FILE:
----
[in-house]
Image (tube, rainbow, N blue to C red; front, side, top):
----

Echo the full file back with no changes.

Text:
[in-house]
Image (tube, rainbow, N blue to C red; front, side, top):